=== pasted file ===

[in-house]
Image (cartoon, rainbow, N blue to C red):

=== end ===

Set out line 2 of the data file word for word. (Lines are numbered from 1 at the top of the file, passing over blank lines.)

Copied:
Image (cartoon, rainbow, N blue to C red):